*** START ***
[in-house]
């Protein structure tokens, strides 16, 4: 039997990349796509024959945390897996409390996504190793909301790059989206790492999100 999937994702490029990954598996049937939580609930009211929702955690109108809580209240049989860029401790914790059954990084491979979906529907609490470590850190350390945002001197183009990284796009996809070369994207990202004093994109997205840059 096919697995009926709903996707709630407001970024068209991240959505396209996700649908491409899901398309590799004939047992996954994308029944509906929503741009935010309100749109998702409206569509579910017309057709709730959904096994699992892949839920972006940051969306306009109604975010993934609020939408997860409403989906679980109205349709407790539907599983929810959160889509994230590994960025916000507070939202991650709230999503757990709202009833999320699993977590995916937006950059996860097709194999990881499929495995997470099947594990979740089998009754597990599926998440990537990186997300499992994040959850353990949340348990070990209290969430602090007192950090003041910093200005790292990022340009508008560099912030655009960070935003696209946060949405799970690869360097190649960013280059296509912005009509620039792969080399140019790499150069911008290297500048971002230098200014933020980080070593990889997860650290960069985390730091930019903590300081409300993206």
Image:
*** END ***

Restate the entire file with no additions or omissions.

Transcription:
[in-house]
């Protein structure tokens, strides 16, 4: 039997990349796509024959945390897996409390996504190793909301790059989206790492999100 999937994702490029990954598996049937939580609930009211929702955690109108809580209240049989860029401790914790059954990084491979979906529907609490470590850190350390945002001197183009990284796009996809070369994207990202004093994109997205840059 096919697995009926709903996707709630407001970024068209991240959505396209996700649908491409899901398309590799004939047992996954994308029944509906929503741009935010309100749109998702409206569509579910017309057709709730959904096994699992892949839920972006940051969306306009109604975010993934609020939408997860409403989906679980109205349709407790539907599983929810959160889509994230590994960025916000507070939202991650709230999503757990709202009833999320699993977590995916937006950059996860097709194999990881499929495995997470099947594990979740089998009754597990599926998440990537990186997300499992994040959850353990949340348990070990209290969430602090007192950090003041910093200005790292990022340009508008560099912030655009960070935003696209946060949405799970690869360097190649960013280059296509912005009509620039792969080399140019790499150069911008290297500048971002230098200014933020980080070593990889997860650290960069985390730091930019903590300081409300993206």
Image: